By Anne Collier
If heeded, this will represent a giant leap forward for US education: more than a dozen key education associations and advocacy groups issuing a report together that calls on schools not to ban but to “leverage mobile technologies and social media” and students’ avid use of them.” According to The Journal, the consortium also advises schools to revisit their acceptable use policies so they’re flexible enough to fit both “today’s technology-enhanced learning environment” oncoming technologies and to something we ConnectSafely folk have been promoting for years and what was recommended in the latest national task force on youth online safety (see this): They wrote that “schools should use the adoption of social and mobile tools as an opportunity to reach students on issues of digital citizenship, digital literacy, and responsible use of online tools in a supervised environment.”
A government’s progressive view
On whether or not to block social media, the report made this “critical observation” that I hope school leaders nationwide will see and consider: “In August 2011, the FCC issued a Report and Order that included the following language: ‘Although it is possible that certain individual Facebook or MySpace pages could potentially contain material harmful to minors, we do not find that these websites are per se “harmful to minors” or fall into one of the categories that schools and libraries must block.'” Here’s the report at CoSN, which provides “Real-World Snapshots,” or case-studies of schools taking this more balanced, reality-based approach (free downloadable PDF).
Consortium for School Networking (CoSN) and the FrameWorks Institute, which produced the report were joined the American Association of School Administrators (AASA), the National Association of State Boards of Education (NASBE), the National Association of Elementary School Principals (NAESP), the National Association of Secondary School Principals (NASSP), the National Education Association (NEA), the Student Press Law Center, the Partnership for 21st Century Skills, the National Writing Project, the National Council of Teachers of English, Common Sense Media, and the Joan Ganz Cooney Center.
A teacher’s change of heart
I was so struck by the first comment by teacher Jane Mitchinson under The Journal article about the report that I’m quoting it in full here: “I’m a teacher who had fears about mobile technologies training youth to become ‘conditioned to be on call.’ It bothered me so much, I travelled to Michigan, Boston, Vancouver, Toronto, London, and Edinburgh to interview experts on the subject, as well as teachers, administrators and students. My findings have been published on a website and made into a documentary.”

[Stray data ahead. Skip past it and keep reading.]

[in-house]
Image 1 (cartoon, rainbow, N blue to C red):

Here’s how her thinking about cellphones in the classroom changed: “Cell phones in the classroom are a distraction when used inappropriately. But many cell phones have smart phone capabilities and act as mini-computers. They can increase productivity exponentially when used for good purpose. Besides, cell phones are already in the classroom whether the teacher knows it or not. Kids text behind their backs, under their desks and even in their pockets. Some even enjoy the challenge of not getting caught as they interact with friends in that social space that adults cannot enter. When we ban cell phones we are inviting a challenge from teens that is in their very nature to engage. We also fail to guide those teens that feel a strong compulsion to interact 24/7. Essentially, we are allowing them to be conditioned to be on call.
“Teachers have a wonderful opportunity to guide students through the transition into a world where digital technologies are becoming extensions of ourselves. We see students every day for a good chunk of the day and we are already role models. My students bring their cellphones, laptops and iPods to class every day. I am able to help them learn digital citizenship, social etiquette, and guide them in self-regulation and appropriate, productive use. Often we’ll work in groups when not everyone has the technology. This is so beneficial as it offers a whole other layer of learning. Students have to discuss issues face to face before communicating their ideas/solutions using the technology. And thank goodness we have wireless at school. No one has to use a costly cell phone network, though a growing majority of parents are starting to pay for their children’s cell network plans anyway. The experts that appear in my documentary, produced as part of my Masters work include [Dr.] danah boyd, Linda Stone, Neil Andersen, Dr. David E Meyer, and Dr. David Buckingham. Here’s the link to a segment from the documentary.”